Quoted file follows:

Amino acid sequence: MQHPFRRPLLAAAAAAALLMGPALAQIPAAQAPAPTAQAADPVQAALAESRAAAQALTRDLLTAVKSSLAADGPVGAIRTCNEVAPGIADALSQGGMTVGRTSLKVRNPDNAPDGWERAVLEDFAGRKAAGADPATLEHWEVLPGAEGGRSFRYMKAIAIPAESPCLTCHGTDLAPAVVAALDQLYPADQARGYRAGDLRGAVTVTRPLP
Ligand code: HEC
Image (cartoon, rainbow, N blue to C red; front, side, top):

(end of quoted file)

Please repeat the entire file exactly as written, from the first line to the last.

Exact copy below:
Amino acid sequence: MQHPFRRPLLAAAAAAALLMGPALAQIPAAQAPAPTAQAADPVQAALAESRAAAQALTRDLLTAVKSSLAADGPVGAIRTCNEVAPGIADALSQGGMTVGRTSLKVRNPDNAPDGWERAVLEDFAGRKAAGADPATLEHWEVLPGAEGGRSFRYMKAIAIPAESPCLTCHGTDLAPAVVAALDQLYPADQARGYRAGDLRGAVTVTRPLP
Ligand code: HEC
Image (cartoon, rainbow, N blue to C red; front, side, top):